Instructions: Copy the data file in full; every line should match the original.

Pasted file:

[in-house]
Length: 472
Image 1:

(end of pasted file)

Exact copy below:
[in-house]
Length: 472
Image 1: